A Muslim-majority Assam, or a large chunk of lower Assam, will become an adjunct of Bangladesh and pose a grave security threat to India. Besides, once lower Assam turns into a Muslim-majority area, the rest of the North East would get cut off from the Indian mainland and exist at the mercy of Bangladesh.

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Former Assam police chief K P S Gill also wrote this paper on the demographic invasion of Assam (read this, too) and came out strongly against ‘vote bank politics’ (practised by the Congress) that had led to unchecked illegal influx from Bangladesh. While not stating so openly, what was implicit in the warnings of both Sinha and Gill was that Muslim immigrants posed a real threat to Assam. While speaking of a “demographic invasion” of Assam, what was implied was religious demography.

It is another matter, however, that the Assamese view this entire issue along linguistic, and not religious, lines. For the Assamese, there is no distinction between post-1971 Hindu and Muslim immigrants from Bangladesh and both groups have to be detected and deported. The Assamese seem to be sold on the so-called ‘secular’ narrative (set by the Congress) that distinguishing between immigrants on the basis of religion is communal. But this amounts to ignoring and shying away from some ground realities.

The foremost among these realities is that even though the post-1971 illegal immigrants in Assam may be detected, it is impossible to deport them to Bangladesh. Bangladesh has consistently refused to accept that its citizens have been migrating illegally to India and, thus, Dhaka will refuse to take back these immigrants.

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Another reality is that while it may be possible to push out post-1971 Bengali Hindus from Assam to other states of the country, it would be impossible to do the same with the much larger number of Muslim immigrants.

In the past, because of disturbed conditions in Assam and attacks on them, thousands of Bengali Hindus of Bangladeshi origin had fled Assam and sought refuge in other parts of the country, especially Bengal. But the Muslim immigrants are no pushover and even if lakhs of them are identified as ‘foreigners’ and their names kept out of the NRC, it will be impossible to drive them out of Assam.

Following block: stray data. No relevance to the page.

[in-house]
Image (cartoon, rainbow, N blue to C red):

As it is, Muslims (most of Bangladeshi origin) are in a majority in 28 constituencies (or 22 per cent of the state assembly’s strength) and form a sizeable section in another 20 constituencies. Pushing them out of Assam will be impossible and will invite a backlash that Dispur and Delhi will not be able to handle. Thus, it makes eminent sense, as Sarma said, to grant citizenship to Bengali Hindus and allow them to stay on in Assam in order to secure the long-term interests and security of the Assamese.

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What Sarma left unsaid was that while Bangladeshi Muslim immigrants have changed the demography of Assam, the Hindu immigrants pose no such threat – to Assam’s culture, tradition, and heritage.

Save for Barak valley, where they are concentrated, Bengali Hindus have merged with Assamese society and adopted many Assamese customs and traditions. This is not the case with the Muslim immigrants, most of whom are radicalised and adhere to Wahhabism, the regressive and radical form of Islam that Saudi Arabia has exported to many parts of the world. It is Wahhabi Islam, as practised by the Muslim immigrants from Bangladesh, that poses a real and existential threat to the Assamese.

That the Bharatiya Janata Party (BJP) has failed to educate the Assamese about this matter represents a failure on the part of the party. Nonetheless, the Assamese need to acknowledge this threat and take steps to counter it – the sooner the better. A distinction between Hindu and Muslim immigrants has to be made for the long-term interest of Assam.